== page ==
Education Commissioner Chris Cerf submitted the Education Adequacy Report to the Legislature on Dec. 14. The report is required by the state school funding law every three years as a review of how the funding formula is being implemented. The Legislature has 90 days to respond or the recommendations in the report take effect.

The resolutions said the Legislature has no problems with the base per-pupil amount proposed in the report, which, based on such factors as cost of living, would increase from $10,555 this year to $11,009 in 2013-14. Aid for preschool, transportation and basic special education services would also increase.

But the resolution said there was no research-based reason given for reducing the additional amounts provided for at-risk students and those who speak limited English. Reducing those funds would disproportionately affect low-income and urban school districts.

 

The report also proposed increasing the funding threshold at which districts could get additional funds for expensive special education placements, saying that the state anticipates this change will allow only students with the highest costs to be eligible and will help ensure that the state can reimburse those costs.

 

The Legislative resolution says that recommendation seems motivated more by a desire to reduce state expenditures than help districts cover the cost of expensive out-of-district placements for disabled students.

The votes in the committees fell along party lines, with Democrats supporting the resolution. Sen. Jim Whelan, D-Atlantic, a co-sponsor of the Senate resolution said the current school funding formula had taken a long time to research and negotiate and was upheld by the state Supreme Courts as constitutional.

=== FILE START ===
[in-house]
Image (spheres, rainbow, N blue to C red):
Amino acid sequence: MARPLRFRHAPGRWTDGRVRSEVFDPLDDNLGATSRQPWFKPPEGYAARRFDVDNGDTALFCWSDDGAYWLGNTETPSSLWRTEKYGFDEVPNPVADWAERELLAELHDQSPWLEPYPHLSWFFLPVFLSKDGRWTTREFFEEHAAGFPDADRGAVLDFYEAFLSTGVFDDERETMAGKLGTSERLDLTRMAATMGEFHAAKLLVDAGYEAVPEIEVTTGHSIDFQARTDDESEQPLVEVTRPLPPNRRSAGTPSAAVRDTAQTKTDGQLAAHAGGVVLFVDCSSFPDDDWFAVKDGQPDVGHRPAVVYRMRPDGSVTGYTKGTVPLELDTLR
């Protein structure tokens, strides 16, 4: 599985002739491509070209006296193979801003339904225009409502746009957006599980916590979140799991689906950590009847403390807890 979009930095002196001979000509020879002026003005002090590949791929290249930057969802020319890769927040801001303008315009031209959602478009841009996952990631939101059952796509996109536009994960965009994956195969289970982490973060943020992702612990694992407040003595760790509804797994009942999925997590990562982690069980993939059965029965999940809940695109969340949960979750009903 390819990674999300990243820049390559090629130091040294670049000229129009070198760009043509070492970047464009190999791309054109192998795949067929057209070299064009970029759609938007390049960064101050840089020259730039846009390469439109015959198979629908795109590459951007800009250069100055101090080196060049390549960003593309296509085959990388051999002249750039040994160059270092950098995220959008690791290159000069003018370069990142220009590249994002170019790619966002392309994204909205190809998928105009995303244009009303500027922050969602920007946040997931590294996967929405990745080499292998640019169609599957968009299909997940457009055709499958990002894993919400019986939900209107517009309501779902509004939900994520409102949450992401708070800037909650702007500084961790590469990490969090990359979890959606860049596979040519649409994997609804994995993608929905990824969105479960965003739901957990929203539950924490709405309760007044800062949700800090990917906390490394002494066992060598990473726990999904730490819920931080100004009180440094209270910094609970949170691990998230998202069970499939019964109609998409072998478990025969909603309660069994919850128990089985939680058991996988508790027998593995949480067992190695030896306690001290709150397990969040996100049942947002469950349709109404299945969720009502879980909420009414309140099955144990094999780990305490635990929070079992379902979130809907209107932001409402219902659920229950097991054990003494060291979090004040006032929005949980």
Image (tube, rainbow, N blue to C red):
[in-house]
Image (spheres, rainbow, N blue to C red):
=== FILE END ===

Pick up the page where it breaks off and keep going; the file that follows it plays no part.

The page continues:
“The funding weight given to the at-risk and other categories weren’t just pulled out of the air,” he said. “But now the commissioner says he just wants to change some of them and I didn’t see any thought, analysis or research go into that decision. He just says we’re spending too much.”

 

David Sciarra of the Education Law Center, which has represented urban children, said the resolution was very detailed, and singled out the two areas that should be opposed.

 

“The Legislature is protecting the formula from arbitrary changes,” he said, adding he was surprised more legislators don’t oppose it since the special education formula reduction could affect every district in the state.

If the resolution passes both houses, the commissioner has 30 days to review it and respond.

 

Sen. Jeff Van Drew, D-Cape May, Cumberland, Atlantic, who sits on the Senate Budget and Appropriations Committee, voted for the resolution and said during the upcoming state budget hearings he would also like to address the geography clause in the school funding law that gives less aid to districts in the southern part of the state on the assumption that it is less expensive to educate students there.

 

“I just want to get that on the record now,” Van Drew said. “I hope we can do something for the poor, rural districts that are being hurt by this.”

Contact Diane D'Amico: 609-272-7241 DDamico@pressofac.com